The next after him was Guerrehet. He was a fine knight, valiant and diligent, who never ceased seeking adventures during his whole life. He was strong and had a marvellously handsome face; he always comported himself more elegantly than any of his brothers. He had such great endurance that he could suffer great pain; even so, he did not have Gawain’s prowess. He was a lover of ladies, and they loved him greatly; he was very generous, and he did many good deeds as long as he lived. He was the brother whom Sir Gawain loved the most, and he loved Sir Gawain more than all the others.
But, according to The Death of Arthur, it was Gaheriet whom Gawain most loved, and who was most generally loved. Assuming that the names have here been reversed does not solve the problem, as in the later Prose Tristan and in the Post-Vulgate Arthurian Cycle it is stated of Gaheriet that his reputation was less than it should have been, because Gaheriet never spoke of this deeds unless forced to, while Gawain was always speaking of his deeds. And Gaheriet being more unruly than the others appears in his slaying of his own mother when he finds her in bed with Lamorat.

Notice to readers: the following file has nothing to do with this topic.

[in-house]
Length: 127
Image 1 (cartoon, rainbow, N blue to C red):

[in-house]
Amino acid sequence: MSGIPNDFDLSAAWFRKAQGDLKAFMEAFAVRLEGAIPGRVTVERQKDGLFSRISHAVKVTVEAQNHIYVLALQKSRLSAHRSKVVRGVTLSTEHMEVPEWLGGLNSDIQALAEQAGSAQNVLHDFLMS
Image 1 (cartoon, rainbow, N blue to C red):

This is the only place in Arthurian romance where it is mentioned that one of the brothers had a right arm longer than his left.
The Prose Lancelot tells that on Saint John’s Day, those of the kingdom of Orcanie, where King Loth had formerly ruled, attempted to have the kingdom given to Gaheriet, whom they thought better fitted to be their king than any of his brothers. But Gaheriet refuses to have any land or be crowned until after the end of the quest of the Holy Grail, for he would rather remain a knight, rather than become a lord, at least until then.
Gaheriet in the Vulgate MerlinEdit